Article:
#IWD2022: Creative Women - Tiwirayi Ndoro

28 February 2022 by Michelle

To celebrate International Women's Day on Tuesday 8th March 2022, we're hosting a series of feature interviews with dynamic, trailblazing and courageous women working in creative fields who have a connection to Lancashire. Tiwirayi Ndoro is a graduate of UCLan who now works as a fashion photographer, stylist and youth organisation director.

#IWD2022: Creative Women - Tiwirayi Ndoro

International Women's Day is an annual event that has been celebrating women since 1911.

This year's theme of #BreakTheBias continues the global call to stand up for a more equitable and inclusive world free of discrimination and stereotypes. This initiative is an opportunity to honour the women in your life and encourages us all to take action for equality, so that we can forge a gender-equal world.

Meet the first of our featured women for this year's Creative Lancashire International Women's Day campaign.

Tiwirayi Ndoro is a fashion photographer, stylist, and a director of KYSO, a non-profit organisation working to empower young people to make positive changes in their life.

Tiwi's Woke Denim Project - a conscious photo series about the modern-day fight for social justice - was commissioned by Creative Lancashire for the British Textile Biennial in 2021.

For BTB21, her work was exhibited at the Blackburn Mall, and Tiwi also co-hosted a panel discussions about Woke Denim - Style, Protest & Self-Expression from MLK to BLM, held at Blackburn Cathedral.

Tiwi, tell us a bit about you?

I graduated with a first-class degree in Fashion Promotion with Styling from the University of Central Lancashire. I’ve been freelancing now for close to 2 years and it’s been great to further explore my creativity and develop my skills.

What motivated and inspired you to do the work you do?

I’ve always been creative, and I love creating space to have important conversations. I feel that the work I do, allows me to do both of those things in different environments, making a positive impact.

Growing up I also wished, as a Black British / Zimbabwean young woman, that there was a lot more representation of us breaking boundaries and leading in different industries.

Hopefully my presence and work can inspire another young Black girls out there to aim high and achieve great things too.

Tiwi Ndoro faces camera wearing a green and yellow patterned shirt against a garden backdrop.

What do you love about being a creative and working in creative industries in the North West?

It’s so much easier to connect with other creatives in the north and I feel like the creative community up north is so diverse. It’s amazing to see and hear about different perspectives and experiences.

Any advice for women starting out or making their mark in creative industries?

Be authentic, what do you have that makes you different from the rest? Focus on that and run with your vision.

Networking is everything, don’t be afraid to put yourself out there and expose yourself to different creatives because you could be exposing yourself to new opportunities at the same time.

(Scary but Necessary)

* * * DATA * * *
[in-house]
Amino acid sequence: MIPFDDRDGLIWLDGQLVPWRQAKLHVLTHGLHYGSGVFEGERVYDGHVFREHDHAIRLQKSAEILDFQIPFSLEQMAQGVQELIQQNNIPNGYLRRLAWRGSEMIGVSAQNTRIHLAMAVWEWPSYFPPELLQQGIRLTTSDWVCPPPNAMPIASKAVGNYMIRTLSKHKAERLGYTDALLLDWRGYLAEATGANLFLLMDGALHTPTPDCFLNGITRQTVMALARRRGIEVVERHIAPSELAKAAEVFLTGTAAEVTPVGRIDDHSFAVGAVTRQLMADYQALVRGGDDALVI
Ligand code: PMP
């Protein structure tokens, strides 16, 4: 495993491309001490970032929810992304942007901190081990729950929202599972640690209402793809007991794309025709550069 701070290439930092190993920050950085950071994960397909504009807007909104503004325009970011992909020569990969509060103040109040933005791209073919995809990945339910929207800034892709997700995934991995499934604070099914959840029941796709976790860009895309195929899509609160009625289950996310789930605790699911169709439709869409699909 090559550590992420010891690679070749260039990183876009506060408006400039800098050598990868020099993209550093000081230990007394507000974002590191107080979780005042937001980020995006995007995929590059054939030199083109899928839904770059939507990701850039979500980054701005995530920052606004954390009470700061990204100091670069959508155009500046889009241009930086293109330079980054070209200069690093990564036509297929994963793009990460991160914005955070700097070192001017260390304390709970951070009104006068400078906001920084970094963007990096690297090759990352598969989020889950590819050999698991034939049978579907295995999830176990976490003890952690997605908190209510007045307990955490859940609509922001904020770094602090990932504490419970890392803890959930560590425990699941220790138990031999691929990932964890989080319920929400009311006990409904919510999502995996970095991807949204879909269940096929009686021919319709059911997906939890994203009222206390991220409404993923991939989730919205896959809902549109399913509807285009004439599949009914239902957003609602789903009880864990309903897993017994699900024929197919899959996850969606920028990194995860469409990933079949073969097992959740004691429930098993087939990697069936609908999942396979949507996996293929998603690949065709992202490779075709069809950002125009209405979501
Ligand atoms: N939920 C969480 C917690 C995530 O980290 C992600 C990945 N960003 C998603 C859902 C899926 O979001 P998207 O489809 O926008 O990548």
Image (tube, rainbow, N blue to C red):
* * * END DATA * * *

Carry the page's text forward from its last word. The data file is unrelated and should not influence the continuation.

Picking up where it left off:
Black woman facing away wearing light blue head scarf over denim jacket, part of the Woke Denim Project by Tiwirayi Ndoro
Two black women wearing denim kneeling on the ground facing camera, as part of the Woke Denim Project by Tiwirayi Ndoro

From a creative perspective, what do you think the North West has to offer female creatives, that other regions might not?

I think that the North has so much to offer Women in the creative industry because the market isn’t as saturated as it is in London for example. There’s so much room for growth, especially if you start working on creating a name for yourself now!

As a graduate and photographer how do you think we can create a more diverse, equitable and inclusive world in our universities and creative industries?

I think creating more spaces for students to network with each other and with the creative industry is a great place to start.

Live briefs and offering students the chance to work with brands to create and actively learn how to create to an industry standard, is also a good way of ensuring that everyone gets a chance to get the necessary experience needed before entering the “real world”.

What are you doing as a woman working in creative industries to help #BreaktheBias?

I’m being myself. I’m being authentic to my beliefs, culture and identity and my creativity.

This is not always easy because people will always have their opinions, but someone out there needs me to be me and not a copy of someone else.

Tiwirayi Ndoro Profile Picture
Black women's fist and denim sleeve against black background, part of Tiwirayi Ndoro's Woke Denim Project

All images in this feature were created by Tiwi Ndoro for IWD22 and her Woke Denim Project.

Instagram: @tiwi_michelle / @tiwimichellestyling

Youtube: Tiwi Michelle

Tik Tok: Tiwi_michelle

International Women's Day 2022

International Women's Day (March 8) is a global day celebrating the social, economic, cultural, and political achievements of women. The day also marks a call to action for accelerating women's equality.

IWD has occurred for well over a century, with the first IWD gathering in 1911 supported by over a million people. Today, IWD belongs to all groups collectively everywhere. IWD is not country, group or organization specific.

International Women's Day Logo White

Break the Bias

Imagine a gender equal world.

A world free of bias, stereotypes, and discrimination.

A world that is diverse, equitable, and inclusive.

A world where difference is valued and celebrated.

Together we can forge women's equality.

Collectively we can all #BreakTheBias.


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